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Author: Subject: Any comments on buying pH meters?
Artemus Gordon
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[*] posted on 4-4-2014 at 13:52
Any comments on buying pH meters?


I did try to UTFSE and found nothing about this topic, which surprises me. pH meters are available in a very wide range of prices. Anybody have good/bad experiences with certain features, models, or brands?
I assume long, thin electrodes are better than the short kind, but maybe they have reliability or accuracy issues?
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PeeWee2000
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[*] posted on 4-4-2014 at 14:29


pH meters are tricky, you need to maintain them after every use make sure you get everything you need to do this. Basically when looking for one you get what you pay for, if you buy a 10$ aquarium pH meter from china thats what you get if you get a 100$ pH meter from europe it'll work much better. http://www.ebay.com/itm/Milwaukee-MW102-Smart-pH-C-Meter-SM1... Heres the one I have it works without problem and automatically adjusts for temperature and is very easy to calibrate plus it has replacable probes. The seller sells everything you would need for it, new probes, cleaning solution, storage soluton and calibration solution. Although you can probably make the storage solution and cleaning solution fairly cheaply and easily instead of buying the overpriced ones. I wouldnt skimp out on calibration solutions though, the link I posted comes with 2 calibration packets for one time use.



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Artemus Gordon
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[*] posted on 4-4-2014 at 16:03


Thanks, PeeWee.
What about long-term storage? Is there a risk of the storage soln evaporating away, and if so, does this hurt the electrode?
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Chemosynthesis
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[*] posted on 4-4-2014 at 16:06


I'm actually really interested in any advice people have as well. I've only used high end (Corning, Milwaukee Instruments, etc.) tabletop meters for buffer formulation, and never paid too much attention to specifics as they are all easily >$300 at minimum, and not a large part of what anyone does around there. As long as you screw on the little solutions and ensure washing between contact, I have not seen any solution evaporate appreciably when capped.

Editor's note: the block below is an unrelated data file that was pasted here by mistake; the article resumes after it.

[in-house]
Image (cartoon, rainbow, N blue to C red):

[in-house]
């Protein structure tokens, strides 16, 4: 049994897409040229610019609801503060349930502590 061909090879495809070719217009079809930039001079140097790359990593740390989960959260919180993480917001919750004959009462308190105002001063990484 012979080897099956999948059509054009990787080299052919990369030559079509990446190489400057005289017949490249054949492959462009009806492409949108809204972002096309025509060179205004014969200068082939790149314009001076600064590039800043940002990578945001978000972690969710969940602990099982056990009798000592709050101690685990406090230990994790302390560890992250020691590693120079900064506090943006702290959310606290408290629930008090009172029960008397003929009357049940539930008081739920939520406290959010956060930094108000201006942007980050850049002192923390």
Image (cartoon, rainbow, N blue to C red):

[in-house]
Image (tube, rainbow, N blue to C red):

Never seen this, but I don't think any damage results from allowing the glass/electrodes to dry either (though everyone taught me never to do this), though it would be really annoying to re-hydrate before use, then re-calibrate.
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Artemus Gordon
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[*] posted on 4-4-2014 at 16:12


How long would rehydration take? An hour? A day?
If it was an hour, that wouldn't bug me because I tend to do my experiments in bursts with sometimes weeks of inaction in between.
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Chemosynthesis
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[*] posted on 4-4-2014 at 16:21


Quote: Originally posted by Artemus Gordon  
How long would rehydration take? An hour? A day?
If it was an hour, that wouldn't bug me because I tend to do my experiments in bursts with sometimes weeks of inaction in between.

I'm not sure. Sorry. It would be an interesting experiment to see. I'll bet emailing a manufacturer would be fruitful.